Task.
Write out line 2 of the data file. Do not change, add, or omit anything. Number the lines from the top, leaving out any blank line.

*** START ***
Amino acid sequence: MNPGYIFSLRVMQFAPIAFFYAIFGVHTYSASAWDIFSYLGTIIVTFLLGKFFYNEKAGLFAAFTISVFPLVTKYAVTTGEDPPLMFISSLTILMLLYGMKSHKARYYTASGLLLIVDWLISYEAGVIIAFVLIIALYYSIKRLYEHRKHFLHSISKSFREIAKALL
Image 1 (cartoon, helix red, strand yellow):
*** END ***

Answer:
Image 1 (cartoon, helix red, strand yellow):